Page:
This previous analysis I have done (here & here), I have shown that shift is working against LHH but not against RHH. Also, I have shown that what is going on with the shift, for both RHH and LHH, is something way more than just moving some infielders about to stop some singles…
It suggests that batters and/or pitchers and/or catchers are changing their mentality and approach to what is going on in front of them. If everyone was playing the game the same, you wouldn’t see these drastic changes in categories outside BABIP.
So, let’s start from the position that the fielding team doesn’t want to make any other changes in their approach bar the infield shift. They want the hitter to behave normally and possibly hit into their shift. This means the pitcher pitches the same with or without the shift. With this as the start point we ask, is the hitter doing anything different?
To determine this, we look at the swing rate of the batters in various areas using the breakdown of the strike zone used by Statcast and then calculating the hitters’ swing rates and miss rates for the four areas: Ozone, Chase Zone, Shadow Zone and Heart of Plate (as detailed below).
These are then compared as with the previous results. Adjustments made to account for pitchers, the impact of batters on bases and any selection bias of the hitters. Differences are highlighted green for good (for the shifting team) and red for bad.
For LHH they swing more at pitches which are on the edge and outside of the zone, but for RHH they swing less at these pitches. Also, the RHH the swing and miss rate is lower for pitches in the heart of the zone or on the shadow of the plate. It therefore looks like right handed batters are being more patient than normal when they are shifted against, and left handers are being less patient.
Let’s look at where they are swinging in more detail, to see if the data backs this theory up.
To do this we fitted a binomial generalized additive model, in R, to all base empty pitches for the same shifted batters. Where the outcome is 1 (swing) or 0 (no swing) and the logit of the probability of a swing is a smooth function of the pitch location. This is modelled for each of the 8 ‘handedness’ and ‘shifting’ scenarios. The data for the shifted and non-shifted batters is from Statcast, there has been no weighting adjustments for number of shifted and non-shifted at bats of these hitters (selection bias).
This generates a difference map showing areas where the modelled probability of swing is different for shifted and non-shifted at bats. For the difference graphs, a positive difference indicates that the non-shifted model had a higher probability of swing.
LHH v LHP – (No Shift: 11075 pitches, Shift: 8915 pitches)
Looking at the two swing models, the difference isn’t too noticeable. But looking at the difference graph, you can see that the non-shifted batters swung more at pitches inside and low. And when shifted, they swing more at low and outside pitches. The difference is greater for the shifted low and away swings which matches up to the Heart/Chase/Shadow/Ozone findings.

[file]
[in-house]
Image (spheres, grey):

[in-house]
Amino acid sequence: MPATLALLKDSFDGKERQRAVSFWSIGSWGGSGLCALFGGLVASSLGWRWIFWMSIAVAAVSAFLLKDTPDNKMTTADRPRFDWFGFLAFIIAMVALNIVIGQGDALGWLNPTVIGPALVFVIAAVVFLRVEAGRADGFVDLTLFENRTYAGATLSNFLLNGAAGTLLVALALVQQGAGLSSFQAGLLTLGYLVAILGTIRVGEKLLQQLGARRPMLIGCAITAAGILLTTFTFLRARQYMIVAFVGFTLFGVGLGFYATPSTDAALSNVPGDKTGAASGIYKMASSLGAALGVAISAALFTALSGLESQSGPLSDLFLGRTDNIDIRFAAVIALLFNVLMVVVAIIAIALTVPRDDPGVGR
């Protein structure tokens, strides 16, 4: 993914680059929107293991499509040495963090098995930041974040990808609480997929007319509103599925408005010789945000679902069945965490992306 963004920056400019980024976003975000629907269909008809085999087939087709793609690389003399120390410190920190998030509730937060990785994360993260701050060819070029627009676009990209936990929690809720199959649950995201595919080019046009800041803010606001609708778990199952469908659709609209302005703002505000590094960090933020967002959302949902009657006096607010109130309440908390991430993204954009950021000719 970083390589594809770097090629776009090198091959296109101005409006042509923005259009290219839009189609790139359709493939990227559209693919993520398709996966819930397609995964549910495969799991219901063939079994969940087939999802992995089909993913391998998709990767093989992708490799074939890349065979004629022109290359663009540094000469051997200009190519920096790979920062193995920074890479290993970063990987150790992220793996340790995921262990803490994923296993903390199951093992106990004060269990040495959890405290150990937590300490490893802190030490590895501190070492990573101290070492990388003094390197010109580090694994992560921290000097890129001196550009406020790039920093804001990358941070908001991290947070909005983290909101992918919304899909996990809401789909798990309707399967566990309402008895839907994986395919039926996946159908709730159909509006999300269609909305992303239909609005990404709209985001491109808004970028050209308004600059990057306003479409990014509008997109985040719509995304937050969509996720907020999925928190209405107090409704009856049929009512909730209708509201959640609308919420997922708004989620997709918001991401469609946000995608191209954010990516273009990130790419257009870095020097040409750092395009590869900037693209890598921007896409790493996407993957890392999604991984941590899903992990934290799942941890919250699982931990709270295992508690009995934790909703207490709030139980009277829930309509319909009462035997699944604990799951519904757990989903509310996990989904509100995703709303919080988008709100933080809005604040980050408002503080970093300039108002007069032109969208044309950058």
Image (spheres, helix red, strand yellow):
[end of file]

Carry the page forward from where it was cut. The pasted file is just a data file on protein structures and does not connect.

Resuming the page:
LHH v RHP – (No Shift: 34194 pitches, Shift: 45590 pitches)
The difference graph here models an increased swing rate for pitches high in the zone and outside the zone to the left handers when they are shifted. This model shows almost no areas where the batter swings more often when they are not shifted. This matches up with the Heart/Chase/Shadow/Ozone findings that these batters have swung more frequently in all locations.
RHH v LHP – (No Shift: 18485 pitches, Shift: 7819 pitches)
The difference model above, for the right-handed batter is completely different than those for the left handers. It models a shifted batter to be swinging less in lots of areas around the outside of the zone as well as an increase in part of the zone. This matches up with the Heart/Chase/Shadow/Ozone findings that RHH are swinging less around the edge of the zone when they are shifted.
RHH v RHP – (No Shift: 24398 pitches, Shift: 15098 pitches)
As with v LHP, RHH v RHP models the batter swinging to be less likely in lots of areas around the outside of the zone as well as an increase in the centre part of the zone. Which once again matches up with the Heart/Chase/Shadow/Ozone findings.
Both the zone breakdown, and swing probability models show the same, but what impact does that have on the at bats? We look at a few other factors.
Namely, how often to the players get pitches in the 4 Statcast ‘zones’ and how many pitches these at bats see? These values are calculated via the same method as before to account for pitchers, the impact of batters on bases and any selection bias of the hitters.
As you can see, the patience which RHH, when shifted, are showing has led to them seeing more balls in the heart of the zone and less in the shadow, chase zone and ozone. When we look at the average number of pitches (the second chart here), for these at bats we see that shifted at bats for LHH are on average longer, and for RHH they are shorter.
Do these have an impact on what we would expect from an at bat?